4. Push the envelope, not just for yourself but also for those who will follow
After graduation and a two-year shipboard assignment, McCaffrey once again found herself in unchartered territory: she became a working mom. As she finished graduate school, she had her third baby, incurred a four-year service obligation, and moved to a new assignment in Cleveland, OH. Although she had wonderful child care, she felt like she was on a roller coaster that never stopped moving.
“We had three kids, I was working, commuting, traveling quite a bit, and I was exhausted. I was also missing much of my older children’s preschool experiences and that was breaking my heart.” Her husband, Frank Albero, was also active duty. “Although I was obligated to remain in the service due to grad school, I wrote a letter requesting to take a break,” she recalls. “I promised I’d come back to complete my obligated service, and while my immediate command approved my request, the next stop up my chain of command didn’t.”
Instead, her command agreed to let her work from home on Fridays. “I was the first telecommuter,” McCaffrey laughs. “It was back when your inbox was literally an inbox, and I would carry mine home with me on Thursday, and come back on Monday.” During this time, the Coast Guard was finding they had a serious attrition problem, especially with women. They formed a women’s study group, and the group was given McCaffrey’s letter. It evolved into the groundbreaking “Care of Newborn Children Program,” allowing new mothers to take a timeout from service with caveats: you couldn’t have obligated service (McCaffrey’s was now complete!), and your baby had to be under a year old (hers no longer was).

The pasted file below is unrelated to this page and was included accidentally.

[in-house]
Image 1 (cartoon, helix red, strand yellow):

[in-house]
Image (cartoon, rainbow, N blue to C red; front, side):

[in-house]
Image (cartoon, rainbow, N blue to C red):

Undeterred, McCaffrey wrote another letter, and this time it was approved. McCaffrey took two years off and returned to the Coast Guard to finish a 27-year career as a Captain. Timing is everything, and the first answer isn’t always the final one. McCaffrey’s efforts are still incorporated throughout the Coast Guard, and, in the spirit of true equality, are extended to men as well.
Breaking down the barriers in your way isn’t just about you. It’s about the countless people that will follow behind as well.
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When the Women of ’80 were invited back to the Coast Guard Academy for a twenty-year celebration, McCaffrey and her thirteen classmates were amazed at the differences. Long gone were the taped over bathrooms; women now enjoy multiple locker rooms. The female students have long hair, and both little things and giant things have changed. “That’s exactly how we keep moving forward,” McCaffrey says. “We’re never done.”
T. T. Robinson is a proud Navy wife, writer, and crisis management consultant – a skill that proves useful as the mother of two young children. She is the founder of Humans on the Homefront and author of the New York Times Deployment Diary, featured contributor for SpouseBuzz, and political correspondent for NextGen MilSpouse.